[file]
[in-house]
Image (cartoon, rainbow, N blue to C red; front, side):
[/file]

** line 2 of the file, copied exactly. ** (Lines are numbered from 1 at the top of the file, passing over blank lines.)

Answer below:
Image (cartoon, rainbow, N blue to C red; front, side):